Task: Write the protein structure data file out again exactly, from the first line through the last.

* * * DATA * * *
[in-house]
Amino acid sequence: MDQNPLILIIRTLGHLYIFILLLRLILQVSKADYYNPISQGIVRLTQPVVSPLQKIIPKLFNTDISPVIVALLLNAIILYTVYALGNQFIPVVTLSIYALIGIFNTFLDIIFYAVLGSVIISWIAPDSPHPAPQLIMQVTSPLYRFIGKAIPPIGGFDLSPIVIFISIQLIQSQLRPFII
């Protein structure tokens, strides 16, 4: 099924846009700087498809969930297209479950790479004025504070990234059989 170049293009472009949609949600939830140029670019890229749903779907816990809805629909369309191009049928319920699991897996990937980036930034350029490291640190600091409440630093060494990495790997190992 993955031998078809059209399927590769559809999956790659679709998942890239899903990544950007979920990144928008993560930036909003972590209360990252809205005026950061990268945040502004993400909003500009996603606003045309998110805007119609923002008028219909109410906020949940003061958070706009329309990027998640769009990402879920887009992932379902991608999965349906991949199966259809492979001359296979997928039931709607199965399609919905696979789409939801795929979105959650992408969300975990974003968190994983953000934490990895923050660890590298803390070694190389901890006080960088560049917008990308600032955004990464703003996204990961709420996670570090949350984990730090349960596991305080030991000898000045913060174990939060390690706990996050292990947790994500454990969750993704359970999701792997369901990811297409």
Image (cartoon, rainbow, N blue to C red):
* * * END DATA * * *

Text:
[in-house]
Amino acid sequence: MDQNPLILIIRTLGHLYIFILLLRLILQVSKADYYNPISQGIVRLTQPVVSPLQKIIPKLFNTDISPVIVALLLNAIILYTVYALGNQFIPVVTLSIYALIGIFNTFLDIIFYAVLGSVIISWIAPDSPHPAPQLIMQVTSPLYRFIGKAIPPIGGFDLSPIVIFISIQLIQSQLRPFII
């Protein structure tokens, strides 16, 4: 099924846009700087498809969930297209479950790479004025504070990234059989 170049293009472009949609949600939830140029670019890229749903779907816990809805629909369309191009049928319920699991897996990937980036930034350029490291640190600091409440630093060494990495790997190992 993955031998078809059209399927590769559809999956790659679709998942890239899903990544950007979920990144928008993560930036909003972590209360990252809205005026950061990268945040502004993400909003500009996603606003045309998110805007119609923002008028219909109410906020949940003061958070706009329309990027998640769009990402879920887009992932379902991608999965349906991949199966259809492979001359296979997928039931709607199965399609919905696979789409939801795929979105959650992408969300975990974003968190994983953000934490990895923050660890590298803390070694190389901890006080960088560049917008990308600032955004990464703003996204990961709420996670570090949350984990730090349960596991305080030991000898000045913060174990939060390690706990996050292990947790994500454990969750993704359970999701792997369901990811297409």
Image (cartoon, rainbow, N blue to C red):